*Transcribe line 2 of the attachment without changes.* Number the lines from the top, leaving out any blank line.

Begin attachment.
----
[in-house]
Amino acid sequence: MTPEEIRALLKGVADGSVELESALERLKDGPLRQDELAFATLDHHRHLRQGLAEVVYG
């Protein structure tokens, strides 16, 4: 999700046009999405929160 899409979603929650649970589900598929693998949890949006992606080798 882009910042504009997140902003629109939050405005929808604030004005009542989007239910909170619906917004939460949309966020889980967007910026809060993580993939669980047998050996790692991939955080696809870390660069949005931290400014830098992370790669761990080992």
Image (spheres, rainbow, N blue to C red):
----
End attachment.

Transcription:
Amino acid sequence: MTPEEIRALLKGVADGSVELESALERLKDGPLRQDELAFATLDHHRHLRQGLAEVVYG